In last week’s decision in Doe v. Guthrie Clinic, Ltd., the Second Circuit Court of Appeals certified to the New York Court of Appeals the issue of whether a medical corporation may be liable for the unauthorized disclosure of medical information, when the employee responsible for the breach was not a physician and was acting outside the scope of her employment.
The plaintiff in Doe went to a health clinic to be treated for a sexually transmitted disease. A nurse at the clinic was the sister-in-law of the plaintiff’s girlfriend, and sent six text messages to her about plaintiff’s medical condition. The plaintiff learned of the messages and complained to the clinic, which fired the nurse. The clinic advised plaintiff that his confidential information had been improperly disclosed, and that disciplinary action had been taken.
Plaintiff sued, alleging among other claims the common law breach of fiduciary duty to maintain the confidentiality of personal health information. On appeal from the dismissal of the claim by the district court, the Second Circuit first recognized that a common law action against a physician who improperly discloses confidential medical information is well established in New York. However, the Court also noted that corporate liability is not implicated by the ultra vires acts of employees. The issue presented, therefore, was whether the common law claim can lie against the corporation when the responsible employee was acting outside the scope of her employment.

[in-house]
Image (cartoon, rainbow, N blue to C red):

Scant Case Law
The Second Circuit found very little New York case law on the issue. A Third Department case found an expanded corporate tort liability in such a situation, but without citation to statutory authority or case law and over a dissent by two justices. A subsequent New York Court of Appeals case did not impose liability on a medical corporation for a sexual assault by a physician, but that case did not involve an alleged breach of fiduciary duty for unauthorized disclosure of medical information.
The Second Circuit found the issue proper for certification to New York’s highest court. In addition to the sparse state case law, the Court noted that the issue implicates significant New York state interests in the confidentiality of medical information and in the liability of New York-based medical providers.
Regardless of how the New York Court of Appeals decides this issue, the Doe case again highlights the need for medical providers to have good policies governing the confidentiality of medical information, and to ensure that these policies are clearly communicated to all employees. Providers may wish to review HIPAA, HITECH and State requirements with their legal counsel in order to comply with the often complex provisions of the laws and regulations.